Monday, March 11, 2019
March 11, 2019: Irish Americans: Mathew Brady
[March 17th is St. Patrick’s Day, a holiday that is apparently a far bigger deal in the U.S. than in Ireland. So this week I’ll AmericanStudy a handful of famous Irish American cultural figures, leading up to a post on some wonderful Irish American literary voices!]
On a couple historical contexts beyond the Civil War for that conflict’s most famous photographer.
I’m not sure exactly what the percentage would be, but a significant chunk of my visual perspective on the Civil War comes from the photographs of Mathew Brady (he really did only have one ‘t’ in his first name—who knew?). I’ve blogged before about Bruce Catton’s wonderful American Heritage Picture History of the Civil War, and along with that book’s stunning battle maps, Catton used Brady’s photographs to great effect throughout. Over time I learned that Brady and his assistants posed some of his post-battle photographs, which only makes sense given the striking amount of time it took to take a picture in the 1860s. And I don’t think those details invalidate at all the importance of Brady’s photojournalism (and that of the men who worked with him, such as Alexander Gardner’s photos of Antietam), particularly in bringing home the war’s effects on individual soldiers, on the battlefields themselves, on every aspect of the material world. I’m quite sure that Brady’s photographs had an impact on Americans’ perspectives on the unfolding war, and I know they did on the understanding of this AmericanStudier more than a century later.
The war was only a handful of years in a life that spanned most of the 19th century (1822-1896), though, and if we broaden our scope Brady’s professional career also connects to other important historical contexts. The son of Irish American immigrants in New York state, Brady began an apprenticeship when he was 16 years old to the talented portrait painter George William Gage, and through him met Gage’s former teacher, the painter and inventor Samuel Morse. Morse had learned about the new science and art of daguerrotyping from none other than Louis Daguerre himself, and was one of the first to bring this new technology back to the United States. He opened a studio in New York City, and Brady was one of the first students, becoming proficient enough to open his own photography studio in the city in 1844. These details help explain Brady’s own journey toward becoming one of the nation’s first famous photographers, but they also illuminate the bridges between painting (and specifically portraiture), daguerrotyping, and photography. Photography would then continue to influence the rise of realism in painting and the visual arts later in the century, adding more layers to these complex cultural interconnections—which in America would remain closely linked to Mathew Brady for the whole second half of the 19th century.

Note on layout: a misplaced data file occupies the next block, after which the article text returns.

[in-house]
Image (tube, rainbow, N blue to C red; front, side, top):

Brady’s photographic career also significantly influenced national perspectives on some of our most prominent cultural and political figures. As early as 1850, Brady organized a collection entitled The Gallery of Illustrious Americans, which featured his photographs of such icons as Edgar Allan Poe and Daniel Webster. Brady photographed Abraham Lincoln on a number of occasions, with some of those influential pictures used as the model for Lincoln’s likeness on the $5 bill and the penny. Indeed, before the end of his life, Brady would photograph all but one of the presidents between John Quincy Adams and William McKinley (he missed out on William Henry Harrison, who died after just a few short months in office). In an era when we see and hear more of our presidents and political figures than we could possibly want, it’s difficult to remember how rare that was, even as recently as the famous 1960 televised debate between Kennedy and Nixon. It was really Mathew Brady who first presented Americans with that opportunity, one more striking legacy of this hugely influential Irish American artist and figure.
Next Irish American tomorrow,
PS. What do you think? Other Irish Americans you’d highlight?